Earlier this week, Florida’s education boss revealed that schools still have hundreds of millions of dollars in CARES Act money to spend.
During a press conference with the Governor earlier this week, Florida Education Commissioner Richard Corcoran disclosed that school districts have yet to spend a half-a-billion dollars in federal CARES Act funding it received.
“We still have almost $500 million in unspent CARES Act funds for the districts,” Commissioner Corcoran said, shortly after the Governor announced he would be keeping both the brick and mortar option as well as e-learning option for students in the spring, despite rising COVID case numbers.
The Commissioner’s announcement about unused money got our attention since districts were awarded the money at the beginning of the school year. A closer look shows, collectively, Florida’s school districts have spent a fraction of the nearly $700 million allocated to them for products, services and people needed to educate students in the state amid an ongoing health crisis.
A spreadsheet provided to us by the Florida Department of Education shows that nearly all school districts in the state have spent less than half its allotted dollars. The majority of school districts have yet to spend at least 75% of its CARES Act funds with some smaller districts not spending one dime, according to data provided to us by the state.
But when asked why it appears school districts are slow to spend the money, Pasco County Superintendent Kurt Browning said, “it appears that way but I will assure you that we are not.”
This week, Browning found himself defending his district’s spending habits, or lack thereof during a phone meeting with the Florida Department of Education. Of the $14.6 million in CARES Act money awarded to Pasco County Schools, the state shows the district has only withdrawn $2.5 million of it as of Nov. 25.
“They’re saying you’ve got to spend the money, you’ve got to spend the money and we’re going, well we are spending that money,” Browning explained.
Instead, the problem Browning said is a rule that requires districts to front the money, spend it and only then ask the state for reimbursements.
Browning said it becomes challenging when districts are using the CARES Act dollars to fund salaries but can’t be reimbursed until payroll for each period is completed. Browning gave another example of laptops and computers the district purchased but were on backorder. As a result, the district can’t get reimbursed from its CARES funding until the items are delivered and paid for by the district.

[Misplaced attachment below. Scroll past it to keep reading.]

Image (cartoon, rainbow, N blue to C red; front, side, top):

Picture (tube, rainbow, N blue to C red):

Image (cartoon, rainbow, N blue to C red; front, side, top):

“Why wouldn’t you just give us the $14.6 million upfront, it’s not like we’re going to go to Tahiti on this,” he said.
In addition, he said school districts were required to submit spending plans before the money was even awarded. The district has until the end of 2022 to spend its CARES Act money.
In Lee County, according to state records, the district has spent less than 10% of its $22 million, but a school spokesperson said they are waiting for the state to reimburse the district another $3.5 million.
Same in Miami-Dade County, the state’s largest school district awarded the highest cash flow of CARES Act dollars. On paper, the district has withdrawn less than 1% of its $120 million in funding. According to a district spokesperson, another $20 million is currently in the reimbursement pipeline.
Only a handful of school districts have spent most of their allotted funds, according to state records. To date, the Charlotte County school district, a small district awarded a total of just over $3 million in CARES Act dollars, has spent 70% of it, the largest percentage of any school district.
“The less you have the faster it goes, there’s no question about it,” said district spokesperson Mike Riley who added. “We had a plan so there was really no reason to sit [on the money].”
Other districts that appear to be slow spenders point to shifting priorities and changes in other funding for the delays in spending.
Still, Superintendent Browning remains concerned about what looks like shy spending on paper could cost schools in the long run during the upcoming legislative session when lawmakers approve education budgets.
“Legislators are looking at the amount of money that isn’t being spent yet. They’re going to say, well you have half a billion dollars sitting here, why do you need more money? On paper, it appears like that but in reality, it’s been spent. We’re just waiting for payroll to be filled and purchase orders to be complete," he said.